Big Boy (2011) takes place in the aftermath of the second world war, in Middle of Nowhere, Mindoro. The opening credits roll to the sound of 1950’s radio adverts, then cut immediately to water dripping into a milk can, and then what the censors would refer to as a “pumping scene” between a couple we will later find out are the parents of our protagonist: Julio, aka Big Boy.
Julio is the eldest in a brood that grows far too large to adequately sustain itself, and thus becomes not only the guinea pig but the poster boy for a growth serum that will serve as the family’s antidote to its despondency. Julio’s parents cure “cod liver” oil from fish guts in a makeshift lab, its effectiveness proven only in photographs that portray him as taller than average.
His growth spurts are notched on the bamboo poles supporting the family nipa hut. This way, approval from his father seems welcome, but Julio must pay for it according to the strictures of scientific method. His siblings run free; he has grown distant from the village. He seems mute, wearing a doleful look. Julio has become Big Boy, the mascot of his father’s entrepreneurial spirit, deep in the fastnesses of Mindoro. One day he stops growing.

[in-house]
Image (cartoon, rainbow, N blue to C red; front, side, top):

At the beginning of Big Boy, the family finds a parachute filled with canned goods, vitamins, and other basic commodities “mysteriously” caught in a tree on their property. What should have been a source of temporary relief becomes a sole means of survival for the family, who increasingly derive a sense of value and dependency on American products and doleouts, which later becomes an obsession with a largely misguided reading of the American dream. Fixations on height, mestizo features, and U.S. Surplus goods abound in a plot that is slowly driven forward by the promises that await elsewhere.